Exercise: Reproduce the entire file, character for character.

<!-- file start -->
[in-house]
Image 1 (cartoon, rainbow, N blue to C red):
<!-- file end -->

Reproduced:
[in-house]
Image 1 (cartoon, rainbow, N blue to C red):